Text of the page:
Democracy Threatens Corporate Labels

By Rob Patterson

There’s no better gauge on the state of the music business than the annual South by Southwest Music & Media Conference and Festival held every year for a good two decades now in Austin, Texas. (Full disclosure: I worked for SXSW, as it’s known in short, from 1989 to ’91 as their ad sales rep and then until ’95 helping them plan their panel discussions).

It’s an almost overwhelming event where, this year, nearly 2000 musical artists played the official showcases—I’d estimate that also half as many acts, maybe more, performed at unofficial shows—and thousands of music business types and media attend. It’s widely thought of as “spring break for the music industry” with parties galore, but there’s a serious side too apart from all the music and merriment, even if it gets a bit lost in the shuffle.

The state of the music business and its current issues are addressed in the four days of panels, seminars and interviews with noted artists and music business types. This year some of the more prominent topics were the return of vinyl albums as a music medium (something that makes this Luddite-leaning old school music fan happy), how major record labels are resorting to what’s called “360 deals” where they take pieces of the money acts make from concerts, merchandising, music publishing and other activities in addition to their records in exchange for promoting the artist (yet another desperate move to shore up their crumbling business that just continues the longstanding rip-off relationship labels have with artists), and the movement to institute a performance royalty for artists and musicians who sing and play on recordings aired on the radio (as is done in the rest of the civilized world).

But the real pulse of the business and the music is best divined out on the street, at least as I read it. The growing irrelevance of major record labels was evident in their near-total absence as sponsors of showcase evenings at the music venues, as opposed to the past, when they threw piles of money at SXSW to promote their acts. Now it’s basically feisty independent record labels that sponsor shows and parties, as the majors have largely given up trying to utilize the grassroots to break new artists and sometimes reposition veterans.

As the record business increasingly becomes a post-major label environment, one would be foolish to declare the death of record companies, even if the Los Angeles Times recently noted that half of today’s teenagers didn’t even buy a CD in the last year. The internet and other technological advances are sweeping away the old paradigms of music promotion and delivery, and what the future might look like is still to be determined.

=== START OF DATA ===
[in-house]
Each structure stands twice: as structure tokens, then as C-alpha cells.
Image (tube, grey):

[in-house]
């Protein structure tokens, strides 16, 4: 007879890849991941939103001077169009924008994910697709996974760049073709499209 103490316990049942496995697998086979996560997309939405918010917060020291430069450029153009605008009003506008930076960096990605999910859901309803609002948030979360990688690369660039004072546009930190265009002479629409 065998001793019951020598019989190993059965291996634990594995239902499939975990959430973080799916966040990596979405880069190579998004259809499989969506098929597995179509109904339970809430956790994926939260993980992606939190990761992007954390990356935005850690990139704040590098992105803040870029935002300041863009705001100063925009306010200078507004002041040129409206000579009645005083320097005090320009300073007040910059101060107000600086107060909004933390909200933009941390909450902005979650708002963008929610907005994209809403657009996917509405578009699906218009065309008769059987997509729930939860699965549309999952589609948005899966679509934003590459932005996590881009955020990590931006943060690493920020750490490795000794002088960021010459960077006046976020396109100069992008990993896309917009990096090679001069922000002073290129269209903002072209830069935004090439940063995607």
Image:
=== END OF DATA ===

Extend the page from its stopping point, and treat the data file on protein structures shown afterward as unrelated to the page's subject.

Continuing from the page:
One might hope, as it seems on the surface, that the business of music is becoming less corporate and top down in how music is marketed, but that’s just wishful thinking even if it is partly true. Big money is still needed to put acts over to the general public, at least in a nation as large as America, but it’s now high-tech companies and lifestyle product makers (like Levis and American Spirit cigarettes) that are putting money into music, which at least indicates that popular music still has some cultural and commercial cachet. And as the business of selling recordings still is in flux and undergoing a downturn, the live music business last year actually saw growth, which speaks to the fact that music isn’t about to die alongside the major record labels.

The future of music is becoming more democratized, with a network of independent record labels and artists putting the music out and bloggers and digital delivery services filling the void of promoting new music outside the mainstream that the big corporate record business players have largely (and stupidly) forsaken. This changing landscape does seem to be taking its toll on more than the major record labels, as this year’s SXSW coincided with the announced closing of two music magazines: Harp and No Depression, both of which tried to support quality music outside the mainstream (and both of which I wrote for at various times).

As to the end result of it all and the effects it will have on the art of popular music, it’s hard to say just yet. Popular music won’t die, but it no longer seems—even if during SXSW it would still appear so—to be a central cultural force, but rather just one of many entertainment options. I’d love to declare that the music industry is dead, long live the music industry. But in truth it’s all just changing with the times, for both good and bad. And as Bob Dylan noted in “The Times They Are A-Changin’,” it’s time for us old guard to step aside and let the youth of today make their brave new world.

Rob Patterson is a music and entertainment writer in Austin, Texas. Email

From The Progressive Populist, April 15, 2008

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